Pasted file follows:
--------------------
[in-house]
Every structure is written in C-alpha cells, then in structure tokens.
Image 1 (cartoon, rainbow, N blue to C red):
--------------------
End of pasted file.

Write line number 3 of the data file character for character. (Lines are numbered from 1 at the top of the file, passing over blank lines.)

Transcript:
Image 1 (cartoon, rainbow, N blue to C red):